How To Have a Greener Christmas - Part 2
Following on from our first instalment of how to revel in the festive season without causing lasting damage to the planet, we delve into the exciting world of Christmas gifting and festive food…
Wrapping paper alternatives
The amount of wrapping paper that’s sold and thrown away over Christmas is shocking - stretching around the world 9 times. With rolls of paper coming in individual sleeves of plastic, or in some cases gift wrap being made entirely of plastic, it is naturally cause for concern. Even paper itself requires valuable natural resources to produce, so it’s worth considering some alternatives that still look pretty under that tree.
Emma from the ever-popular blog Mamalina chose to wrap all her presents up in used newspaper. You might think this ended up looking like a package of fish and chips, but with Emma’s attention to detail, some clever folding and natural string, the results were worthy of even the most envied of Pinterest boards.
Another great alternative to your standard gift wrap is using scarves, or offcut material to wrap presents in. Wrapping gifts in scarves is actually a Japanese tradition known as Furoshiki and gives the recipient two gifts in one – the present itself, and a new scarf. However, there are only so many scarves a girl can have, but we have seen some great results using squares of material in tartan prints, colourful tea towels and various seasonal colours. This way, the materials can be gathered up at the end of the day and reused the following year.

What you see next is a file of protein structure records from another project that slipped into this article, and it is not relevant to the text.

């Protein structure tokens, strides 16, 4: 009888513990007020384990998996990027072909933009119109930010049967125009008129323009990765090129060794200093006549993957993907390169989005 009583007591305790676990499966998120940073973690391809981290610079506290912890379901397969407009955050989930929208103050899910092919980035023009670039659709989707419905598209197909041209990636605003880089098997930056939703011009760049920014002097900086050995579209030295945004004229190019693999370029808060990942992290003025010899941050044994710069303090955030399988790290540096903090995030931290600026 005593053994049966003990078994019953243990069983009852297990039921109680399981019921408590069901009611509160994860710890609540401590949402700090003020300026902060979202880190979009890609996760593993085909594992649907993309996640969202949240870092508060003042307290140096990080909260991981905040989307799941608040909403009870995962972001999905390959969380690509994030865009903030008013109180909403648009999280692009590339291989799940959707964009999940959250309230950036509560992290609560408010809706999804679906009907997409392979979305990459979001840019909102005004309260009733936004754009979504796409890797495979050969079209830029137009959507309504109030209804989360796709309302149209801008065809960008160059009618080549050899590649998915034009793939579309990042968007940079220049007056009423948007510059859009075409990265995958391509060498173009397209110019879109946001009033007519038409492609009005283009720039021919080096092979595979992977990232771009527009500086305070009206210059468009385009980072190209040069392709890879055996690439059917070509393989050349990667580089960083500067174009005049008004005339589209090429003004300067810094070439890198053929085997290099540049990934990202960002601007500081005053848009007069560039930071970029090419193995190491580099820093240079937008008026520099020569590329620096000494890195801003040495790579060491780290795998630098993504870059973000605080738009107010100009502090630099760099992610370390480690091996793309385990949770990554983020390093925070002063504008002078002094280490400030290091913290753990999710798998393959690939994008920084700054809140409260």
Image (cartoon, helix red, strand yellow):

Plastic free gifting
Avoiding plastic at this time of year can be tricky, especially with children's toys and games. Even if it’s not the toys themselves, you can be left with an intricate web of plastic ties and mountain of packaging to deal with on Christmas Day. There are a lot of beautiful wooden toys on the market for this very reason which are certainly worth checking out. For other family and friends, now’s the time to empower them with reusables like coffee cups, water bottles, cutlery sets or lunch boxes. Practical gifting shouldn’t be sniffed at and you might find that those reusable straws, or pack of Abeego wraps were just the present they were looking for. A great conversation starter at the Christmas dinner table too.
When buying for adults, it can be tough to think of gifts that the person might not already own. Instead of buying people more stuff, why not buy them an experience, or a voucher for a meal at their favourite restaurant. Sometimes it’s the effort that went into the gesture that makes the difference with Christmas gifting and, as humble as it may sound, presents like homemade sloe gin, chocolate brownies, chutneys or biscuits can all leave a much warmer impression on a loved one, and cut out the need for yet more unnecessary stuff.
Managing food waste
It’s an exciting time in the kitchen, with everyone hungry for mince pies, sausage rolls and ginger biscuits, not to mention all the sweets, chocolates, cheese and crackers. While there are certainly plenty of seasonal treats to tempt you, it’s important to consider how much your family can realistically consume. Perhaps think about stocking up on higher quality foods, but buy less of it. This helps to make the food remain special, but means less will end up in the bin. Try making a food plan for the holidays and work out which foods will be opened or eaten on certain days. By writing it down and seeing it listed in front of you, it’ll be much easier to get a sensible idea of what you need. Don't forget to factor in meals made from leftovers, like those all important turkey, cranberry sauce and stuffing sandwiches!
Lastly, it’s important to not get too tied up in knots. Christmas is somehow stressful enough and while we try to live a life filled with more sustainable choices, remember to cut yourself some slack, and enjoy the most wonderful time of the year!
Merry Christmas from the &Keep team🎄